Why project managers need to always be curious | PMI EMEA Congress 2019
Project managers must be open to learning and adapting to deliver value successfully, says the Project Management Institute
The PMI EMEA Congress 2019 kicked off with a keynote from Jamil Qureshi, the motivational speaker and performance coach. He encouraged delegates to support the rogue monkeys in their organisations, and to value curiosity above creativity. European CEO spoke to three delegates at the event about how the profession is changing and the lessons they would take home from the event. We have two more videos in this series, about understanding and delivering value, and project management into the next 50 years.
The PMI EMEA Congress 2019 kicked off with a keynote from Jamil Qureshi, the motivational speaker and performance coach. He encouraged delegates to support the rogue monkeys in their organisations, who don’t let ‘the way things have always been done’ stop them from achieving incredible things.
Jim Boland: The opening keynote was great, he spoke about a growth mindset, the inhibitors to that growth mindset.
Successful entrepreneurs, successful project managers; what they need to look at. And it’s rather than, ‘We can’t do this because of x y and z,’ and being risk averse, is to say: well, what are the outcomes I’m looking for? What I actually want to achieve, as opposed to what I want to avoid achieving is absolutely key going forward.
One of the other things that I took away from that opening session is, curiosity is more important than creativity, because in the world we’re operating today, you can put that into any scenario: you’re sitting in front of your customer, you’re trying to understand what they’re trying to deliver, what value they see in a particular project. Continuously asking the why; some great lessons for all of us out of that session.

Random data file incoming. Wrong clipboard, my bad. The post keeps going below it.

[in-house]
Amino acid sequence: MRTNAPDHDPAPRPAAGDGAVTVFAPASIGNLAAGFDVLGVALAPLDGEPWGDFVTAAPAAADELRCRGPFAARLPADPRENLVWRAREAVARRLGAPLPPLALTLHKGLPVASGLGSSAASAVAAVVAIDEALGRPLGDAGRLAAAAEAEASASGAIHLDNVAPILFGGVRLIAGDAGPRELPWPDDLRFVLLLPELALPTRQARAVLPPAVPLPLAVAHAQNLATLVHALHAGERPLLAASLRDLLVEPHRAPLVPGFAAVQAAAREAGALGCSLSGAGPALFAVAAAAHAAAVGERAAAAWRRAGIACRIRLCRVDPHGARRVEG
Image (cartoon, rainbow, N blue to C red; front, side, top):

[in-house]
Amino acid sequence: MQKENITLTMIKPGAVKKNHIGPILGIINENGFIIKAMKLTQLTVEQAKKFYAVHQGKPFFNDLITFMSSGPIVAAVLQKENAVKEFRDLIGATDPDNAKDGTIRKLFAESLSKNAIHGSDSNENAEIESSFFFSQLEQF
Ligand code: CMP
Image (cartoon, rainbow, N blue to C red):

PMI’s latest research introduces the concept of a PMTQ – a project management technology quotient – to complement the long-recognised EQ and IQ. Always-on curiosity is a vital component of a high TQ.
Cindy Anderson: On this theme of always-on curiosity, what we’re seeing is that organisations are looking for people who manage projects and deliver value to be curious all the time: to learn new things, to learn new ways of managing these new types of projects that are out there.
And what that means is that they can take a problem, designed to help an organisation change, and create a solution, which is the project, and then take that project through to value delivery.
And with digital disruption happening, and organisations getting much faster, that requires in this new business environment a whole host of skills. Including things like being able to manage disruption. Being able to understand the digital environment.
According to Jamil, it’s not change itself that’s tripping up businesses – it’s the pace of change. And adapting to the new pace means switching our focus from what we do, to why we do it. Project leaders understand this: there is no one size fits all approach to managing a project.
Jim Boland: The project management role as we know is changing in the industry, and no longer is it sufficient for our project managers to be solely focused on managing a to-do list, managing issues and risks, managing scope, managing budget.
To-do lists are not bad, but they shouldn’t define your nine to five. Take time out, collaborate, be curious: some of this is a mindset change for our project managers, who traditionally may have been more focused on the task-driven side of their projects; but now we’re asking them, or challenging them, to be much more encompassing. Start developing some of those behaviours, skills, and soft skills, which are becoming more and more important in today’s world. Looking not just at their particular scope, but looking at the end-to-end. And how their project or role helps our customers be successful.